D.L. Norris: I consider myself most fortunate to have had the opportunity to spend so much time with my Scandinavian family throughout the years – especially the older generation. I would listen for hours to their beautifully told tales of life in Norway and then how they slowly transitioned to life in America once they emigrated. By the time I was twelve, I knew that I would someday write a book about their colorful and spirited lives. They were my true inspiration. Before writing The Long Way Home, I traveled to Tilden, Nebraska—which is the setting of the novel, as well as the actual homeplace of my family—to gain a clearer understanding of the area and the townspeople. It was a touching experience, to say the least. I sat in the old café and visited with other patrons, and even met several cousins for the first time. It became the springboard for completing the work that I had been contemplating for many years.
IAN: Did you use an outline, or do you just wing the first draft?
D.L. Norris: Along with an outline, I pre-determine chapter titles and the ending before commencing with the actual content writing. A brief biography is composed for each character because they have to be “real” for me to determine how they will consistently react, respond, and fit into the storyline.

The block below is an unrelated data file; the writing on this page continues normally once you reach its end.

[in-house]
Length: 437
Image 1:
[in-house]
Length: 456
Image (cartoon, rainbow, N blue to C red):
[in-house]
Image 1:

IAN: How long did it take to write The Long Way Home?
D.L.Norris: About two years, which included travel to Tilden, Nebraska, and finally to Norway to connect with family and conduct the research necessary for the project.
IAN: How did you come up with the title?
D.L. Norris: Travel from Norway to America was a three-month journey for most of my family members. Those that emigrated began their long trek from Sogndal, Flesberg, and Vinje, respectively, on the great sailing vessels Mercator and Tamworth. Literally, they took the long way home to settle in the quaint community of Tilden, Nebraska.
IAN: What do you hope your readers come away with after reading The Long Way Home?